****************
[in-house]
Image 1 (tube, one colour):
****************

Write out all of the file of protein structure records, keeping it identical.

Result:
[in-house]
Image 1 (tube, one colour):